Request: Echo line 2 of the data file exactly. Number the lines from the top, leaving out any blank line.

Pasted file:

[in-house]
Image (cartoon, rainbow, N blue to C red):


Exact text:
Image (cartoon, rainbow, N blue to C red):